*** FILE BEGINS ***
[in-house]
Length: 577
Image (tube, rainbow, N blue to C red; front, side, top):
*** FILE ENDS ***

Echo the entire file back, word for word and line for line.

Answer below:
[in-house]
Length: 577
Image (tube, rainbow, N blue to C red; front, side, top):